Judge to Select Two Lipitor Lawsuits for First Bellwether Trials in MDL

The U.S. District Judge presiding over all federal Lipitor diabetes lawsuits will randomly select two bellwether cases later this month, which will be the first and second trials set to begin in the federal court system later this year.

There are currently more than 2,000 product liability lawsuits pending throughout the United States against Pfizer, which all involve similar claims that women developed diabetes from side effects of Lipitor, the popular and widely used cholesterol drug.

All of the complaints present allegations that Pfizer failed to adequately warn about the link between Lipitor and diabetes, suggesting that the drug maker placed their desire for profits before consumer safety by withholding information about the importance of monitoring for blood glucose changes during use of the blockbuster cholesterol drug.

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In the federal court system, case filed in various U.S. District Courts nationwide have been centralized before U.S. District Judge Richard Gergel in the District of South Carolina as part of an MDL, or multidistrict litigation, to reduce duplicative discovery, avoid conflicting rulings from different judges and to serve the convenience of the parties, witnesses and the courts.

As part of the coordinated pretrial proceedings in the federal Lipitor MDL, Judge Gergel has established a “bellwether” process, where a small group of Lipitor diabetes cases are being prepared for early trial dates, which are set to begin in October 2015.

Out of an initial pool of cases selected last year, which have gone through case-specific discovery and depositions, there are eight remaining cases eligible for the first federal bellwether trials, which have have each been selected by one of the sides.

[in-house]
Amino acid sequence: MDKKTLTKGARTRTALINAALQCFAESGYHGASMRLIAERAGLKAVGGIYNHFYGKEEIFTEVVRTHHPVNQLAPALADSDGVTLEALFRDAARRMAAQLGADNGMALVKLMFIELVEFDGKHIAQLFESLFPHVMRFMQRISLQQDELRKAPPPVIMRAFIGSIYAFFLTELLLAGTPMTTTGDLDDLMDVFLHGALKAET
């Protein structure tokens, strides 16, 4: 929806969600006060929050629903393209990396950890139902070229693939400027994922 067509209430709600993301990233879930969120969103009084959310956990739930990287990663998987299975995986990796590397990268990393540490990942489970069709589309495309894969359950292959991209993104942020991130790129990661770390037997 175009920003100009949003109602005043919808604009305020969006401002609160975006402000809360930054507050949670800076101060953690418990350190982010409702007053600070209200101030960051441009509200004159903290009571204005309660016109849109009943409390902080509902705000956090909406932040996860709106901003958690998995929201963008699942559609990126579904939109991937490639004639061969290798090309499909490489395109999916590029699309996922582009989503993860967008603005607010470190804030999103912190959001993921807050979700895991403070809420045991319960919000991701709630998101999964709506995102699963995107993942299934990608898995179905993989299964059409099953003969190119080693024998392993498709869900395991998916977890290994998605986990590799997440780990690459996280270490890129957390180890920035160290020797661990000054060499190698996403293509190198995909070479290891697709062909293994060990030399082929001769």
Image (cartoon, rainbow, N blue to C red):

According to a text order issued on January 22, Judge Gergel indicates that the Court will randomly select the first two bellwether cases on January 30, at 10:00 a.m. The eight remaining cases will be placed “in the Court’s wheel”, according to the order, and the Courtroom Deputy will select the first case for trial. The Courtroom Deputy will then continue to select cases at random from the wheel until a case is selected that was originally nominated by the other party. Therefore, the first and second cases to go before federal juries will involve one case originally chosen by each side.

While the outcomes of these early trial dates are not binding on other cases, they will be closely watched by Lipitor injury lawyers involved in the litigation, as they may help gauge how juries will respond to certain evidence and testimony that is likely to be repeated throughout the litigation. The process may also facilitate a potential Lipitor settlement agreement, which would avoid the need for hundreds of individual trials to be scheduled.


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